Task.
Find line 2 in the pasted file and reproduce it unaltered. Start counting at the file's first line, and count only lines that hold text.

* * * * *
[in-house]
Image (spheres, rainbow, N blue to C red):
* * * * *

Image (spheres, rainbow, N blue to C red):